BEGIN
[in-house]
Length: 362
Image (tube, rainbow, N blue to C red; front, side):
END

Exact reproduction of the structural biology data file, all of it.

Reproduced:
[in-house]
Length: 362
Image (tube, rainbow, N blue to C red; front, side):